GPUs

Coiled supports running computations with GPU-enabled machines. In theory, all that is necessary to get things running is to use the worker_gpus= keyword in the coiled.Cluster constructor:

import coiled

cluster = coiled.Cluster(
    ...,
    worker_gpus=1,
)

But in practice things can get more complicated.

This document provides best practices to smooth operation of GPU accelerated workloads.

Example

import coiled

# Create a software environment with GPU accelerated libraries
# and CUDA drivers installed
coiled.create_software_environment(
    name="gpu-test",
    container="gpuci/miniconda-cuda:10.2-runtime-ubuntu18.04",
    conda={
        "channels": ["rapidsai", "conda-forge", "defaults"],
        "dependencies": ["dask", "dask-cuda", "xgboost", "pytorch"],
    },
)

# Create a Coiled cluster that uses Dask-CUDA's CUDAWorker
# and a GPU-compatible software environment
cluster = coiled.Cluster(
    n_workers=4,
    software="gpu-test",
    worker_gpu=1,
    worker_class="dask_cuda.CUDAWorker",
)

Software Environments

The first problem people usually run into is creating a software environment with their desired software stack. We will need to both install the GPU accelerated libraries that we want to use (e.g. PyTorch, RAPIDS, XGBoost, Numba, etc.) and also make sure that the container that we are running on has the correct CUDA drivers installed.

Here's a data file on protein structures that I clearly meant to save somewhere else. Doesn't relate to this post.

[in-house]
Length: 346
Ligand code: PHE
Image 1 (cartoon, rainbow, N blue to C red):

Coiled infrastructure generally runs with CUDA version 10.2. If you already have a Docker image with your desired software and the drivers match, then you should be good to go.

If you plan to make a software environment with conda or pip packages then we recommend basing your software environment off of the container with the correct drivers installed, like gpuci/miniconda-cuda:10.2-runtime-ubuntu18.04.

See a functioning example here:

import coiled

coiled.create_software_environment(
    name="gpu-test",
    container="gpuci/miniconda-cuda:10.2-runtime-ubuntu18.04",
    conda={
        "channels": ["conda-forge", "defaults"],
        "dependencies": ["dask", "dask-cuda", "xgboost", "pytorch"],
    },
)

Using dask_cuda.CUDAWorker

The Dask-CUDA project maintains an alternative CUDAWorker class that adds a variety of configuration to Dask workers to better handle GPU workloads. You may consider using this class for your cluster’s worker_class, instead of the default dask.distributed.Nanny class:

worker_class = "dask_cuda.CUDAWorker"

You will also want to ensure that the dask-cuda is installed in your software environment.

Set the worker_gpu flag

When creating a cluster you will want to specify the number of GPUs per worker with the worker_gpu= keyword to the coiled.Cluster constructor. We recommend using a single GPU per worker.

worker_gpu = 1

Current Hardware

Currently Coiled mostly deploys cost efficient T4 GPUs by default. If you are interested in using higher performance GPUs then please contact us.

Account Access

Free individual accounts do not have GPU access turned on by default. If you are interested in testing out GPU access then please contact us.

If you have been granted access it may be as part of a team account. If so, please be aware that you will have to specify the account under which you want to create your cluster in the coiled.Cluster constructor:

cluster = coiled.Cluster(
    software="gpu-test",
    worker_gpu=1,
    worker_class="dask_cuda.CUDAWorker",
    account="MY-TEAM-ACCOUNT",
)